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Acta Anaesthesiol Belg. 2005;56(1):19-21.

Herbal ecstasy: cardiovascular complications of khat chewing in pregnancy.

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  • 1Department of Anesthesiology and Reproductive Medicine, University of California San Diego, UCSD Medical Center, California 92103-8770, USA.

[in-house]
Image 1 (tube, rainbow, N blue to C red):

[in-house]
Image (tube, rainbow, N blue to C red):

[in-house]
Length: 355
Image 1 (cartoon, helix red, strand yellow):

Chewing fresh leaves of the Khat plant (Catha edulis Celestrasae) is a widespread habit (also practiced by women, even during pregnancy) with a deep-rooted tradition in East Africa and the Arabian Peninsula. With the influx of immigrants from East Africa and the Arabian Peninsula khat chewing has been imported into other countries including Europe the United States. The major pharmacologically active constituent of the fresh khat leaves is cathinone. Khat (also known as herbal ecstasy) is chewed for its central nervous system stimulant properties, which resemble amphetamine. Cardiovascular complications from cathinone use may therefore be similar to those of amphetamine. I herein present the first reported case of a pregnant patient who developed chest pain, tachycardia, and hypertension following khat-chewing session.

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